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Anatomy of Animals


Roundworms

Roundworms (phylum Nematoda - meaning thread in Greek), as their name implies, are round rather than flat. They have a smooth outside body wall (called cuticle), indicating that they are nonsegmented. These worms, which are generally colorless and less than 5 cm long, occur almost anywhere and in great variety (15000 known species). There are many thousands of individual nematodes in even a single handful of garden soil. For the simple body plan and genetic sequence as well as the fast life cycle, the C. Elegans become indispensable in the biological research laboratory. Many nematodes are able to suspend their life processes completely when conditions become unfavorable; in these resistant states they can survive extreme dryness, heat, or cold, and then return to life when favorable conditions return. This is known as cryptobiosis - a feature shares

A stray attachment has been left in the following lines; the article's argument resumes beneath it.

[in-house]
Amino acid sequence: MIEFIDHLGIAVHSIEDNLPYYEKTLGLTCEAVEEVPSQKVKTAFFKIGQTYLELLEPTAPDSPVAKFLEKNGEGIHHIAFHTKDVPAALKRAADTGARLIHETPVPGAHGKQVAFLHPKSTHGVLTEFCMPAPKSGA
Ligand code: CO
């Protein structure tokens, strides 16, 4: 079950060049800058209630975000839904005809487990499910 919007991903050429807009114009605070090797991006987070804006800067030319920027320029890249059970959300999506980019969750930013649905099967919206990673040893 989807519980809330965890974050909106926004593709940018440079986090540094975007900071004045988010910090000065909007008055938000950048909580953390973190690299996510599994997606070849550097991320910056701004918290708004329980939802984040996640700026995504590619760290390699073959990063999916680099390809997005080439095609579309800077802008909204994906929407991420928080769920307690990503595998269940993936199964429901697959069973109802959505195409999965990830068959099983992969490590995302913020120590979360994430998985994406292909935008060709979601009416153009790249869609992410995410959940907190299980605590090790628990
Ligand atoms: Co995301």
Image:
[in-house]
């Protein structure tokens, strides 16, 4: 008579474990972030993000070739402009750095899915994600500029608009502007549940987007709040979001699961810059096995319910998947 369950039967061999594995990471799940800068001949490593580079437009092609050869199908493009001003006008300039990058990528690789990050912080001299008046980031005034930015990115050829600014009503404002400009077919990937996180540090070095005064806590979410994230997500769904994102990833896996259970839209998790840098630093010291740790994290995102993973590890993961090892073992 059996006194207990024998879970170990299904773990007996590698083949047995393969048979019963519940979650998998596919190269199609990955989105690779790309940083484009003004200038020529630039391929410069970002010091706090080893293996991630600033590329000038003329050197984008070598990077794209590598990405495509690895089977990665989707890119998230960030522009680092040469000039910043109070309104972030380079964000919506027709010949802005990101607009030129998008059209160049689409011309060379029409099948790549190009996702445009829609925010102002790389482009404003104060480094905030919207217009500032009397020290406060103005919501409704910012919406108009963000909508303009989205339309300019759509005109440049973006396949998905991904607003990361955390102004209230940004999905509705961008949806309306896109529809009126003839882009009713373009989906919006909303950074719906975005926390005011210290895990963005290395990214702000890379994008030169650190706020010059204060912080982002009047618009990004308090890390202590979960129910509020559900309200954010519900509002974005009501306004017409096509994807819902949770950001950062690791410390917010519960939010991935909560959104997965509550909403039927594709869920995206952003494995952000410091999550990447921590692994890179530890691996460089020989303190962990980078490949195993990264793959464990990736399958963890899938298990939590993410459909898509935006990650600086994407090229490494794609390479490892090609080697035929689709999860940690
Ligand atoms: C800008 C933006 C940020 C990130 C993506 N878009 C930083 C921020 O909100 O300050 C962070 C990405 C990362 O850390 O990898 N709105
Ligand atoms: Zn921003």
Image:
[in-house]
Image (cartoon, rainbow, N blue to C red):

Roundworm Anatomy with the rotifers. Roundworms possess two anatomical features not seen in more primitive animals: a tube-within-a-tube body plan and a body cavity. The body cavity is a pseudocoelom, or a cavity incompletely lined with mesoderm. This fluid-filled pseudocoelom provides space for the development of organs, and serves as a type of skeleton. When roundworms are analyzed according to Table 01, they are seen to have features associated with advanced animals except that they are nonsegmented.

Figure 08b Roundworm Anatomy
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